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Efforts To Lose Weight Stalled By Stored Fat, Scientists Discover: The Gene Getting In People's Way

Cravings, stress, and laziness (hey, us too) can all influence weight gain, but what about your genes? A new study from the University of Cambridge has found a gene that triggers the body to store fat, and as a result, this stored fat makes it harder for people to lose weight.
"Our discovery may help explain why overweight individuals find it incredibly hard to lose weight," said the study's co-author Dr. Andrew Whittle, a metabolic researcher at the University of Cambridge, in a press release. "Their stored fat is actively fighting against their efforts to burn it off at the molecular level." For the study, Whittle and his colleagues examined mice missing the gene responsible for producing the protein sLR11.

This particular protein suppresses the entire fat burning process, so without sLR11 circulating through the blood, mice were far more resistant to weight gain by burning calories faster. When researchers looked at humans, they found the more they weighed, the more sLR11 protein they had in their blood. Researchers then looked to obese patients who underwent bariatric surgery for additional answers. After patients' surgery, there was a significant drop in sLR11 levels, leading researchers to believe the protein is produced by fat cells.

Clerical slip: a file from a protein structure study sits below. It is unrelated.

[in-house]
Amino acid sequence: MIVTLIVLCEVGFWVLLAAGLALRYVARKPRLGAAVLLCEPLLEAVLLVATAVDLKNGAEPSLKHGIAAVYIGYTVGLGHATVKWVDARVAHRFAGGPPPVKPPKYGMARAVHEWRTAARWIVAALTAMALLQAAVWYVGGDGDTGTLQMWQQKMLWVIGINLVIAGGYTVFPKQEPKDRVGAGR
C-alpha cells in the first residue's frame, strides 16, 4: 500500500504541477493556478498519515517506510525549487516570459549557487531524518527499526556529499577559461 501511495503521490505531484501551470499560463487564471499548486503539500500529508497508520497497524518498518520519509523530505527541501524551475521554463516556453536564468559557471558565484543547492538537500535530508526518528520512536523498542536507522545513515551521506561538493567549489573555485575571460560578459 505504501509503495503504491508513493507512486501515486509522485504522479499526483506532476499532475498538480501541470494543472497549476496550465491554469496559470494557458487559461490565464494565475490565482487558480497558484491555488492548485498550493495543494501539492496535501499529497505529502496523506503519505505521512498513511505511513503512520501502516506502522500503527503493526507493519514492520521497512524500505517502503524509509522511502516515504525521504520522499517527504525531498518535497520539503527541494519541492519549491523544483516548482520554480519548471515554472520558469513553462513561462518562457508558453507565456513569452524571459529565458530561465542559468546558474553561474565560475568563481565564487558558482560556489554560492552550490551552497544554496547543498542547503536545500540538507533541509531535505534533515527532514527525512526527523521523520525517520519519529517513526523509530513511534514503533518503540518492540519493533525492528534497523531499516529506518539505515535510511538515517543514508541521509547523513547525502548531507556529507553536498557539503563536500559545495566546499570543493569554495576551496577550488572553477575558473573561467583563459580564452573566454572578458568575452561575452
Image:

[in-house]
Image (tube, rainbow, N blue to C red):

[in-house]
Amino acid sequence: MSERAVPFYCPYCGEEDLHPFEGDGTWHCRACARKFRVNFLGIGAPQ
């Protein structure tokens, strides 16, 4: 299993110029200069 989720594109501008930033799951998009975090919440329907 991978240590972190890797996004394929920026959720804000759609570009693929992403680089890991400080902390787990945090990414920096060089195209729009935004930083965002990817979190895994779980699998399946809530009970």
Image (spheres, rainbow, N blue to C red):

The protein was designed to slow the body from burning too much fat following large meals or drops in temperature, because when fat burns it creates heat known as "thermogenesis." Researchers suspect that protein sLR11's role may be to make a more effective storing system in the body to maintain energy and body temperature over long periods of time. Next, they want to target the thermogenesis process with drugs and manipulate it into burning fat at a faster rate. With more than one-third of the United States obese, a safe drug that controls metabolism could significantly curb nationwide rates.

"This research could stimulate the development of new drugs that either help reduce obesity by blocking the action of this protein or control weight loss by mimicking its action," said Jeremy Pearson, the associate medical director at the British Heart Foundation, in a press release. "But an effective medicine to treat obesity, which safely manages weight loss is still some way off. In the meantime people can find advice on healthy ways to lose weight and boost their heart health."